Female killer whales also stop reproducing half way through their lives, and can live into their 90s.  We analysed records of two killer whale populations spanning 36 years, to examine menopause, aging, and parental care. Our analysis shows that male killer whales are pretty much mommy's boys who struggle to survive without their mother's help. The need for mothers to care for their sons into adulthood explains why killer whales have evolved the longest post-reproductive lifespan of any non-human animal.

For the article see:


Floqua: Free game app inspired by behavioural ecology!

team (especially some very talented summer students) at The University of York have developed a game app based on some of the research on animal flocks and animal social networks that I have been involved in!

Floqua is a fun, flocking fish game for Android. Find all of the lost fish in each level and guide them to safety in the castle. The tricky part is keeping them in your shoal. Swim too fast and you'll leave your fish behind. Watch out for the predators: they're hungry!

Download Floqua here. It currently works Android devices (phones and tablets) but keep an eye out for other platform versions soon.
Floqua is based on the science of collective motion and animal social networks. Read more about the science behind the game.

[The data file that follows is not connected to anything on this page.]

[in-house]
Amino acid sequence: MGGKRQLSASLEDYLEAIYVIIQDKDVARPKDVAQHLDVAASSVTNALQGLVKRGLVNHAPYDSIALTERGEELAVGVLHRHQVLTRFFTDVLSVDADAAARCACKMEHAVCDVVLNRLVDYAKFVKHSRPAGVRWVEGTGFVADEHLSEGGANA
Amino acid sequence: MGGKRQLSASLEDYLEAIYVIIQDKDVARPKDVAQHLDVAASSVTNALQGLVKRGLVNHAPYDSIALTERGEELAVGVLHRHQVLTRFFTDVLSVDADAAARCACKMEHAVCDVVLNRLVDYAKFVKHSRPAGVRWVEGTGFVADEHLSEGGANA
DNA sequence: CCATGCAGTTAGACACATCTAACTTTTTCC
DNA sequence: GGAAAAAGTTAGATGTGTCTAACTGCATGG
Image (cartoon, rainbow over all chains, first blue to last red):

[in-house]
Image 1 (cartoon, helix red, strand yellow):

The game - which we intend to use for education and outreach - is the first of what we hope to be many from Complex City Apps.

Creating more useful network data visualisations

I have recently started using the software Tulip to visualise my networks. It has a steep learning curve, but is extremely flexible.  Tulip gives you the ability to open a Python window and add your own code to manipulate the visualisation. Here is an example of an Orca social network that I plotted using Tulip. Among other things, I have coded the edges to be increasingly thicker and more opaque for edges that carry a heavier weighting. This means I do not have to either a) plot all connections the same thickness and transparency and have a fully-connected mess; or b) threshold the network to get rid of the (important) weaker connections, leaving me with a fractured network.  There's information in the weights!